U.S. Offers U.N. Council a Compromise on Iraq

W By Robin Wright, Tyler Marshall and Edwin Chen

wASHINGTON – Bowing to pressure from France and Russia, the United States on Wednesday offered a compromise proposal at the United Nations that would call for serious “consequences” if Iraq does not comply with tough weapons inspections – but would not seek authorization for military action without further discussions at the world body.

The compromise, outlined Wednesday by Secretary of State Colin L. Powell in telephone conversations to his French and Russian counterparts, calls for one Security Council resolution that will send U.N. weapons inspectors back to Iraq with sweeping orders to track any nuclear, chemical and biological weapons and long-range missiles.

But in a bid to end a monthlong diplomatic deadlock and satisfy demands of its Security Council partners, the United States also would agree not to automatically launch a military operation against Iraq if Saddam Hussein fails to disarm. Instead, the Bush administration would have to go back to the council for additional debate – and a possible second resolution authorizing U.N. members to act, the sources said.

If the Security Council cannot agree on a course of action, then the United States has the prerogative to form its own coalition to forcibly disarm Iraq, they added.

The U.S. move is a crucial step that would appear to meet the insistence on the part of several Security Council members – but articulated most vocally by France – that the Bush administration not be allowed to launch military strikes against Hussein without first returning to the Security Council to debate the consequences if the inspectors determine their work is being obstructed.

Elements of the diplomatic breakthrough came on a day that was heavy with public rhetoric on the Iraq crisis.

In Washington, President Bush signed a congressional measure authorizing him to wage war against Iraq, and he called for immediate, decisive action against Saddam to “fully and finally remove a real threat to world peace and America.” At the United Nations, ambassadors from scores of nations urged the Security Council in a debate to take a more measured approach to restart the process of disarming Saddam.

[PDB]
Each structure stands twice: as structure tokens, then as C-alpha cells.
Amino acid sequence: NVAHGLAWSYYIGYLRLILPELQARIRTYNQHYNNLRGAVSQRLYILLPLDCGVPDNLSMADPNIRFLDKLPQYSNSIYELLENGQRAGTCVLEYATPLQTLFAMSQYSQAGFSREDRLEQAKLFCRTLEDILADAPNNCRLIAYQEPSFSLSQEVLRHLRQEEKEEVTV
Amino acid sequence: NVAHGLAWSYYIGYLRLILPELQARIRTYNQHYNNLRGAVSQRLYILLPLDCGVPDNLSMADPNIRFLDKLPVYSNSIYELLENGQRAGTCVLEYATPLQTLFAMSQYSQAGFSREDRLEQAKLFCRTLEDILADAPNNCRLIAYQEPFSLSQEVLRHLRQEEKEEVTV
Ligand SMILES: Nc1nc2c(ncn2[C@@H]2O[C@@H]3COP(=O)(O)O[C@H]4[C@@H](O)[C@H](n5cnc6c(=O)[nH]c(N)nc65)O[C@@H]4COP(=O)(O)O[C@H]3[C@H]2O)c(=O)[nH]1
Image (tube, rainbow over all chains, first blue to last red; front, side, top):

Speaking from the ornate East Room of the White House and surrounded by powerful members of Congress, Bush used direct, powerful language to make the case for confronting Saddam without delay.

“Those who choose to live in denial may eventually be forced to live in fear,” he said.

As he spoke, details were being worked out behind the scenes for the diplomatic compromise expected to pave the way toward passage of a resolution by the Security Council.

“We have floated language with the French and Russians that says if the weapons inspectors report violations, then the Security Council can meet and consider what action it can and should take,” a senior State Department official said Wednesday. “That language is coupled with a strong resolution that gives clear instructions to the weapons inspectors and warns that Iraq faces real consequences if it fails to cooperate.

“This represents an attempt to find a way to achieve our goals but also accommodate others,” said the senior State Department official. “And in the end it does not take away from the president’s prerogative to act as he sees fit.”

The administration now expects the compromise to be accepted by France and Russia, a move that is then expected to bring along China, which has been less vocal on the disputed issues. The administration expects to hear back from the French and Russians as early as Thursday, U.S. officials said.

Ginette de Matha, spokeswoman at the French mission in New York, declined to comment on the U.S. offer, stating only, “we are continuing to negotiate.”

However, one well-placed U.S. official was optimistic enough about the impending deal on a resolution that he predicted: “The paint has finally dried.”

While traveling in Alexandria, Egypt, French President Jacques Chirac reiterated his opposition to an earlier U.S. proposal for a single Security Council resolution authorizing the use of force against Iraq, but added that France was open to a measure improving “the work conditions of the disarmament inspectors of the U.N., as requested by the chief of the inspectors, Hans Blix, in whom France has confidence.”

In an interview for state television Wednesday night, Russian Foreign Minister Igor S. Ivanov echoed the French leader. “If attempts are made to submit a resolution whose aim is to create the legal grounds for use of force scenarios, it will not be in the interests of settling the situation,” he said.